Two of the goals for Music Victoria this year were to persuade the legendary Daddy Cool to “Come Back Again” and accept an induction into The Age Music Victoria Awards Hall of Fame with a special performance, and to persuade the State Government that the Agent of Change Principle was not only common sense, but essential to protect our thriving live music scene.
Both wishes have come true. We announced Daddy Cool’s induction in The Age last Friday, and the show at at 170 Russell on Wednesday 19th November is well on the way to selling out (the Music Victoria members pre-sale was exhausted over the weekend – see you there!).
Once again The EG Allstars house band will fire up, with guests including Russell Morris, Stonefield, Jess Cornelius (Teeth & Tongue) jumping up to sing one of their own songs from this year, as well as a song from the Daddy Cool era. Davey Lane will also play tribute to the late Jim Keays. Tickets to The Age Music Victoria Awards 2014 are $50+bf via 170Russell.com. Get in quick as they are on the way to selling out already!
Now onto the issue of live music reform. As announced today in The Age, the Victorian Government will shortly make changes to planning regulation that will enshrine Agent of Change in planning law. Alongside SLAM and FairGo4LiveMusic, Music Victoria has been working on this reform since it released the Industry Position Paper to the Live Music Roundtable in 2012, yet some of our policy team have been trying to push it through since 2003.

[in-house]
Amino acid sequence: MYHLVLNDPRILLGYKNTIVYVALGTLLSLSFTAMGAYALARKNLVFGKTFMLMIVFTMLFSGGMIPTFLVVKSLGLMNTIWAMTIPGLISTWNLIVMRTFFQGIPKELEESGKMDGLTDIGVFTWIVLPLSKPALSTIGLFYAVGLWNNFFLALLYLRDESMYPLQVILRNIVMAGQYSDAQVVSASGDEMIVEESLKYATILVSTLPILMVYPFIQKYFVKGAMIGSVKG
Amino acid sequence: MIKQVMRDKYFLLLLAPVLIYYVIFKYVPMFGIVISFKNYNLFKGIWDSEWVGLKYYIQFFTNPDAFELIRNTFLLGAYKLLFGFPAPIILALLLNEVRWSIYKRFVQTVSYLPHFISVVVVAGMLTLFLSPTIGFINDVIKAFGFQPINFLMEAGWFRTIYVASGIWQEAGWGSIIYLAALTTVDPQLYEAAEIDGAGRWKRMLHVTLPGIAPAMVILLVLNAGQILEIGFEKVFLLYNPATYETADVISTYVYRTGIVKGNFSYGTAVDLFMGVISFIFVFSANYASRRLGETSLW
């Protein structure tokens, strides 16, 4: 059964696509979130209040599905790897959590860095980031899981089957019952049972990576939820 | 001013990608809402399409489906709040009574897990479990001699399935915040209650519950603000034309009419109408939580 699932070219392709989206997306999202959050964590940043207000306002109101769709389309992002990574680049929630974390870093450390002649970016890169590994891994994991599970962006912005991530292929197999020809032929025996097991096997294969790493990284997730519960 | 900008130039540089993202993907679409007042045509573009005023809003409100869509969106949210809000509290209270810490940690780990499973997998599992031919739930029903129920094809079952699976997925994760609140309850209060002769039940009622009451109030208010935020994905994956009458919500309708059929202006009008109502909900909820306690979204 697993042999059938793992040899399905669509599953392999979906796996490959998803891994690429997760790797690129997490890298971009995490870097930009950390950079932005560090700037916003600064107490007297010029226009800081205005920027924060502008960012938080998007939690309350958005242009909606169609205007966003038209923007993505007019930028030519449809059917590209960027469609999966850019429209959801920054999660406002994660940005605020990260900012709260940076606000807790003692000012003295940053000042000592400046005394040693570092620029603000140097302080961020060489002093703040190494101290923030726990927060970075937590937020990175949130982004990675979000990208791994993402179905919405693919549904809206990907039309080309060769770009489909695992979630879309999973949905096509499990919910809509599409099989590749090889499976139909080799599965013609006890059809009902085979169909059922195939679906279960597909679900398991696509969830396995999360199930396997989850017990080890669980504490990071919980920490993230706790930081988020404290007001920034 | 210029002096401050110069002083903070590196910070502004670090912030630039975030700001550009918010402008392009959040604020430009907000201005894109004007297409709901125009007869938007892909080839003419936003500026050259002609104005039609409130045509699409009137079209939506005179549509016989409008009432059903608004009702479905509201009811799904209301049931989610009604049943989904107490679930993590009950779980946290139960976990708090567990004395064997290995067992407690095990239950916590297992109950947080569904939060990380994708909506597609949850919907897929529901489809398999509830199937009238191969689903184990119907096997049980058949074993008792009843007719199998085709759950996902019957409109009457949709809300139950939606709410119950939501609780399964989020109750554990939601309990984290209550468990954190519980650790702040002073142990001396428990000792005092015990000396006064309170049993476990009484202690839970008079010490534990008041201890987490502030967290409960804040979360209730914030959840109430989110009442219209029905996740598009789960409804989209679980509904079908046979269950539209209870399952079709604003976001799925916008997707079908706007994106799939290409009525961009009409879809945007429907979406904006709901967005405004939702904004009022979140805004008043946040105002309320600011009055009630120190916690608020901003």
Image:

The Government’s package features five components, with the first two involve liquor licensing and planning laws recognising the Agent of Change Principle. While the Labor Government introduced the principle in 2004, it was just a practice note and didn’t have enforceable legislative teeth. Once gazetted (hopefully next month), live music will have its own “particular provision” to ensure that the Agent of Change applies state-wide.
Overall, it’s a great package and a big win for the music industry. We have a live music community in Victoria worth protecting, and by addressing the issues in our 2012 position paper, the Government has listened and acted on our recommendations.
But there are some important fine details that we need to work on with the Government to ensure that all of our members are captured by this reform, particularly around the Particular Provision and the definition of live music, so that rehearsal studios can be saved from encroaching development. After all, they are an essential feeder into the live music chain and a crucial part of the music eco-system. Read more »